Wolves mostly make the news when they are in conflict with livestock and that’s part of the reason they were once removed from the Western landscape. But a new study shows wolves play an important role, whether we like it or not.
It’s not just wolves that prey on livestock.
“Worldwide, smaller meso-predators like coyotes, jackals and such, actually themselves prey pretty heavily on livestock and can cause a lot of economic damage,” Aaron Wirsing of the University of Washington said.
Wirsing co-authored a new study in the journal Nature Communications. He said current land management policies don’t offer apex predators enough space, but that doesn’t mean he wants to see wolves roaming rampant across North America.
“We need to allow predators to occupy more landscapes than just remote, protected areas,” Wirsing said. “On the other hand, we also need to heavily manage them, recognizing that they do conflict with people.”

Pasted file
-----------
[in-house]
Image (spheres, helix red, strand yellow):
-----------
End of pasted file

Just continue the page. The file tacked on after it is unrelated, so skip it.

That conflict made headlines last summer, when members of the Profanity Peak wolf pack killed four calves in Northeastern Washington. In response, Washington’s Department of Fish decided to shoot members of that pack from a helicopter.
“Historically, our model has been almost a postage stamp model where we protect certain areas and try to maintain intact assemblages of animals,” Wirsing said. “But we have a problem of scale.”
So, for example, areas protected for wildlife and public use might seem large from a human perspective, but what humans ay not consider is wolves can range up to 1,000 miles.
And it’s not only in the forest. Wirsing said wolves also roam the sage brush landscape in the central Northwest.
The study made use of bounty hunting data to show ecosystems function similarly in both Europe and Australia as well.